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Traincontroller 04: Divide The Layout Into Blocks

When the drawing of the layout has been made on the switchboard, it is time to add the ‘blocks’.

Blocks are used to prevent trains from colliding. A block is a stretch of track in which the presence of a train is monitored by sensors (this is often called occupancy detection). Other trains that would like to make use of that same block are not allowed in. They get a red signal, until the track ahead is clear.

Also, Traincontroller uses the blocks to create routes. Selecting a route will switch all the junctions needed to get from A to B. We’ll look at this in a later video.

How to choose where to create blocks and place sensors on the layout? Well … common sense would be the best guideline here I guess. Usually, a block should be long enough to hold a train. Driving rules can be created though, that prevent trains that do not fit in a certain block from entering it, or stopping in it. So, not all blocks need to be able to fit the longest train on your layout.

There is just one very important rule. That is NOT to have any turnouts or crossings inside your blocks. Also, it is not necessary to create blocks between junctions that are close together. They will be treated by Traincontroller as a ‘junction street’. The tracks in between are part of the junction street and will be correctly reserved by trains on a route, such that other traffic can not enter.

This video is about dividing the layout into blocks. The next video will be about adding the train detection sensors. Then … after all this preliminary work … automated train driving can start!



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10 thoughts on “Traincontroller 04: Divide The Layout Into Blocks

  1. Hi Rudy,

    I’m looking at using Train Controller for my new layout. I am just designing the blocks and starting to lay the track and I want to make sure I design them correctly. In my new layout I have a few places where I have some very short lengths of track between the turnouts. Do I need to create a separate block for this track or can I just leave it as ‘unblocked’? Is this what you mean by ‘junction street’? I’m not familiar with that term.

    Thanks and keep up the great videos.


    Posted by Warren | December 10, 2017, 06:12
    • Yes, it is perfectly ok to leave tracks unblocked, specifically the short sections in between junctions. Blocks are only needed at place where you intend for trains to be able to stop, like at a station, or if you have a long stretch of track that you like to divide in say two or three blocks, with a signal in between, like in reality.


      Posted by RudyB | December 10, 2017, 08:29
  2. Hi Rudy,
    Thanks for the great videos on Train Controller. I am looking into ways of automating my layout and this has been very helpful. One question that may seem dumb, but I cant seem to find the answer anywhere.
    The blocks you create in the programme for occupancy detection etc, do they need to be physical blocks on the layout
    ie do they need to be electrically isolated or can the layout be electrically continuous ?


    Posted by Alan | January 4, 2016, 23:07
    • That fully depends of the type of train detection you plan to use. I use reed switches and a magnet under the train to detect them. In that case blocks don’t need to be electrical separate sections, apart from the insulators needed in case of using electrofrog turnouts. Of you use current detection to detect occupancy, then the current detection stretches need to be isolated from the main line.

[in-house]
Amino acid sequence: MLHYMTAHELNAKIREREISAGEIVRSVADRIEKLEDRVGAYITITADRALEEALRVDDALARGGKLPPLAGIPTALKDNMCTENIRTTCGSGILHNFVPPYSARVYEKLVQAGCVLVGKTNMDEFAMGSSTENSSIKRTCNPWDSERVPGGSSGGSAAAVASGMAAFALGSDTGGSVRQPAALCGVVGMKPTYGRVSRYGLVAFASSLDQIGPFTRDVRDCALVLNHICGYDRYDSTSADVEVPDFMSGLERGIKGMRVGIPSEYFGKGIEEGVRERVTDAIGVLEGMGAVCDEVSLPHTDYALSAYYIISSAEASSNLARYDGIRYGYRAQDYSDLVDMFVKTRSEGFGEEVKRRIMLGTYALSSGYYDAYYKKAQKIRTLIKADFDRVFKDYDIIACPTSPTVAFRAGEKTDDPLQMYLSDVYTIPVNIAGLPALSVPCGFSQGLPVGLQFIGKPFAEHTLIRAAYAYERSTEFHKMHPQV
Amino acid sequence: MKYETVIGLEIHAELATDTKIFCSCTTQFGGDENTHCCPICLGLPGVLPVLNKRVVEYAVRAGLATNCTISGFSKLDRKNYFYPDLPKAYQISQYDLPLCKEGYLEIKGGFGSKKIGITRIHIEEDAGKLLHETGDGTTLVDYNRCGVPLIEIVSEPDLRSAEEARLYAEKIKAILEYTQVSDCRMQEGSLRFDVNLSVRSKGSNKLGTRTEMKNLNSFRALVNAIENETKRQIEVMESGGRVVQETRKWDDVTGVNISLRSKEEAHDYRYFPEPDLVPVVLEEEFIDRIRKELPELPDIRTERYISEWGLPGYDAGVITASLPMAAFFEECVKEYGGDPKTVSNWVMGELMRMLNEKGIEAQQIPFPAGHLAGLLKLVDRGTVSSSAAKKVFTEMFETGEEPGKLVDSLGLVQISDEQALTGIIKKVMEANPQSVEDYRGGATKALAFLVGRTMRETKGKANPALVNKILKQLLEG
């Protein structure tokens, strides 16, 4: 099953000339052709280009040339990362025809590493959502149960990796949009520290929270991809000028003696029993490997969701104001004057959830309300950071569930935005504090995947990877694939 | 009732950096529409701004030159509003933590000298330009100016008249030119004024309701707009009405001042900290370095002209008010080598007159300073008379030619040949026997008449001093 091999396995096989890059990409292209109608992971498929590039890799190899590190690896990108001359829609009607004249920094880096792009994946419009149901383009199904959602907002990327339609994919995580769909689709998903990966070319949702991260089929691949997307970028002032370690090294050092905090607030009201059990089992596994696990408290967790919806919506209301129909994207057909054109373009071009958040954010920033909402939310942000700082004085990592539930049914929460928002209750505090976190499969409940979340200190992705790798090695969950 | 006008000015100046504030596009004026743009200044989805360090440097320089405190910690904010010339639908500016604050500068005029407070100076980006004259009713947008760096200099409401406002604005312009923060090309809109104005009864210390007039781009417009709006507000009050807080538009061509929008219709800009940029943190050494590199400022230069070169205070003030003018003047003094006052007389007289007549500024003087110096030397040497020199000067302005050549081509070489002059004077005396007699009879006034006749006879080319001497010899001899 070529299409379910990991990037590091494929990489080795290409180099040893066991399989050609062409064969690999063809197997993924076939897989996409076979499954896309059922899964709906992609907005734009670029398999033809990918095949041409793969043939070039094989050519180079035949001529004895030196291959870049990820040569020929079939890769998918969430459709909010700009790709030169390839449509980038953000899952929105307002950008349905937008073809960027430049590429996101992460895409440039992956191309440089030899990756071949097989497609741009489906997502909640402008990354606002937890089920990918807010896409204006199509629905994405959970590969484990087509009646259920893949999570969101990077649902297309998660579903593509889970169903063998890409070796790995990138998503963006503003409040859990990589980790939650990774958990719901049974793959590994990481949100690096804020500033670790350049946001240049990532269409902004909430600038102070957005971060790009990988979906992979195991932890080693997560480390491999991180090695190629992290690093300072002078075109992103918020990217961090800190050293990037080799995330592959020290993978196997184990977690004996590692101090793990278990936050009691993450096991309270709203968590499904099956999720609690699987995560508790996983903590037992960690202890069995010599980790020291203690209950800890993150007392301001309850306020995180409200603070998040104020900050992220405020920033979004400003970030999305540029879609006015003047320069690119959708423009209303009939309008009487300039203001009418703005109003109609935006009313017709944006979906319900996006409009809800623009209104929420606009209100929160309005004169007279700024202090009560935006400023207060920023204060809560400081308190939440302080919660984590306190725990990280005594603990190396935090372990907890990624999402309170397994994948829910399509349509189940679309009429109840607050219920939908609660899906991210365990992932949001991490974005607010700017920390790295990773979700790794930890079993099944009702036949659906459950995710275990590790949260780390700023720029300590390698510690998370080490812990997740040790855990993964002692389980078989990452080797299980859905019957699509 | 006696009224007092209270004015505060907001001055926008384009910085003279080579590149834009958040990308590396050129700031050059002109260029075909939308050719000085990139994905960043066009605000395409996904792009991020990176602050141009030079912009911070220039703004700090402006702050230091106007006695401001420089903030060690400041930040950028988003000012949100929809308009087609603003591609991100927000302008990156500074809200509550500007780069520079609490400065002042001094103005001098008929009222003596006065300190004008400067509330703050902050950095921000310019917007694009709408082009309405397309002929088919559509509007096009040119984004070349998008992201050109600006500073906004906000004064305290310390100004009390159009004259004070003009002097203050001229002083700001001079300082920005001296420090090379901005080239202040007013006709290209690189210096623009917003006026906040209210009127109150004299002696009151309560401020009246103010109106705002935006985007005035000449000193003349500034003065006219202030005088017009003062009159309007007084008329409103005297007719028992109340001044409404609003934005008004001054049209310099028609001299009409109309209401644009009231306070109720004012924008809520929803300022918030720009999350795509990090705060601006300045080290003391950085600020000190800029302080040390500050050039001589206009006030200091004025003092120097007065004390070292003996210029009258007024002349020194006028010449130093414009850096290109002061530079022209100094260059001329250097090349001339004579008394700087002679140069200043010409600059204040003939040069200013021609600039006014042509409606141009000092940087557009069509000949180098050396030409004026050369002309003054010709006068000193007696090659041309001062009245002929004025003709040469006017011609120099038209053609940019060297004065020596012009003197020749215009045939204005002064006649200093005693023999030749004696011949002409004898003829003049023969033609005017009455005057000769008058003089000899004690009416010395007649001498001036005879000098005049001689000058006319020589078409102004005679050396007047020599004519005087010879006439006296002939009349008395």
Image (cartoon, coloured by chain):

Posted by RudyB | January 5, 2016, 16:25
      • Thanks for the reply Rudy
        I am migrating up to DCC and have had my DC layout for quite a few years now. I have already got plenty of reed switches as the layout was divided into blocks before with one rail isolated, but the blocks are probably not in the places I want them now, so I was hoping I could just connect up the whole track.
        When you spoke of current sensing detectors, I thought the track would have to be split, would that have to be on both rails ? Do you have any knowledge of pro’s and con’s of the two sensing types.
        Once again, thanks for the great site, its so much easier than trying to understand the manuals.
        Kind regards


        Posted by Alan | January 5, 2016, 20:06
      • Current detection is a permanent sensor, as long as a train is drawing a current the detector is ‘on’. Reed switches are momentary, they switch shortly when the train drives by. Most people prefer current detection, it is more widely used. I prefer reeds for their simplicity, less wiring, and lower cost. Traincontroller works fine with momentary sensors and until now I never had any detection problems.


        Posted by RudyB | January 5, 2016, 22:39
  3. Hi Rudy,
    Great range of videos and really helpful. I’m working my way through them and getting lots of encouragement and pleasure from them. I have noticed the blocks on my layout do not display the block names unless I am in edit mode. I do not seem to be able to display the names in run mode. I think I should be able to but cannot find why not. Any ideas, hope you can advise and keep up the great videos.


    Posted by Malcolm | September 24, 2015, 11:42
    • Hi Malcom. If you’d get into Edit mode, then click your Switchboard once to have it selected, then go to menu View > Switchboard > Customize. Click the Blocks Tab, there you will find the options you are looking for.


      Posted by RudyB | September 24, 2015, 12:06
  4. First of all : Thanks for the Videos. They are a great help to me as a beginner!


    Posted by Def | June 7, 2015, 12:54

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